Part 2: The Pitch

Part 2: The Pitch

The first step for any writer/editor/art director/photographer wanting to get a story into WIRED is the pitch. 

For the most part, our editors work with different stables of writers, though we also have some very talented journalists on staff. Jason Tanz is one of those writer/editors and has a CV peppered with accomplishments, including a critically acclaimed, profoundly personal chronicle of modern rap music titled, Other People's Property: A Shadow History of Hip-Hop in White America.

Jason teamed up with WIRED senior editor, Nancy Miller, to pitch his Charlie Kaufman idea at our May 22 story ideas meeting. Pitches must be one page or less and succinctly describe a thesis and proposal of reporting topics. All WIRED staffers vote on these pitches and give a score from from 1 (not for WIRED) to 6 (a must-do). The scores' mean and standard deviation are posted on a whiteboard in our main conference room and discussed in order of least popular to most popular. After taking the room's temperature, consulting with the Bob Cohn (EE), Jacob Young (ME), Thomas Goetz (DE), Wyatt Mitchell (DD) and me, Chris Anderson makes the final decicion to green light or pass.

Here is Jason's pitch: 

The Eternal Adaption of Being Charlie Kaufman.
Editor: Miller

Writer: Tanz

OK, here we go. Writing the pitch. Pitch pitch pitch. A pitch about Charlie Kaufman. Charlie Kaufman, Oscar-award winning screenwriter of Eternal Sunshine of the Spotless Mind, Adaptation, and Being John Malkovich. Just finished his directorial debut, Synechodoche, New York, which was the only American film to premiere at Cannes this year. Odds are that it'll get picked up by a distributor this week--probably Miramax or Sony Classics or something like that--and get released around the fall. It marks a big moment for Kaufman, one of the most highly-acclaimed and inventive screenwriters of his generation; he has to not only prove that his directorial chops stand up to his writing skills, he also has to match up against the A-list directors who have helmed his previous scripts. Kaufman, notoriously awkward, self-effacing and camera-shy, is about to face the most intense criticism of his career. It would be great to capture this show-and-prove moment. So don't blow it, Jason.

But how to convince the editors that he's Wired? I could point out that we've written about his previous collaborators, Spike Jonze and Michel Gondry, whose highest-profile work has been based on Kaufman's scripts. His protagonists are all Wired types; vaguely Asperger-y, uncomfortable around women, living in their own minds. (By all accounts, Kaufman himself isn't much different.) He's a formal innovator, bringing an experimental intellectual spirit to filmmaking. Or hell, why not go for it: Kaufman can be seen as a modern-day Philip K. Dick [Ed note: Maybe a little much. Let's discuss] obsessed with how our neurology intersects with and informs our fragile understanding of the world. Take Eternal Sunshine of the Spotless Mind, in which a character's decision to erase his memories are physically represented by a rapidly-vanishing world. Synechdoche looks to plumb similar territory; an ailing theater director builds a life-sized set of Manhattan to map the mundane drama of everyday life, but the line between re-creation and reality fades, especially as the director begins to lose his cognitive faculties. The geek set is hotly anticipating Synechdoche--sci-fi blog calls it "the movie we're most eager to see this spring"--and it's likely to become 2008's Memento, an intelligent, instant-classic piece of celluloid mind-fuckery.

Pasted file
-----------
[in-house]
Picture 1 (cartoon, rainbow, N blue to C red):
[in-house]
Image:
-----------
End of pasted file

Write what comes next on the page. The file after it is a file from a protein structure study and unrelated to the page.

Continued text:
Hmm. This cutesy little Kaufmanian meta-pitch idea must be annoying everyone. It seemed like a good way to get started, but now Chris is probably rubbing his temples and slashing a giant red 'X' across the page. Oh, well. Too late to turn back now. Maybe I can transition into a more standard pitch without anyone noticing.

Kaufman has never consented to a profile before, but there's a good chance he'd break his stonewalling to speak with us. This is the biggest risk of his career--It's his movie that Sidney Kimmel Entertainment ponied up $15 million to finance, and he needs to do everything he can to help them earn it back, even talking to journalists. (He's already given an interview to Variety, which is kind of amazing.) There is a unique opportunity to experiment with form and narrative structure here; Kaufman's work practically demands that we come up with something beyond the standard profile format. But even if I can't pull that off, we've still got the makings of a great feature--a glimpse at one of our best and smartest screenwriters as he tries to extend himself into an honest-to-God auteur. We won't get a ton of biographical information out of him, and he probably won't let us into his home, but we can tag along with him as he runs the standard first-film promotional gauntlet. So far, Kaufman has succeeded by pulling filmgoers into the twisted recesses of his brain; now we have a chance to catch him as he emerges, blinking, into the spotlight.

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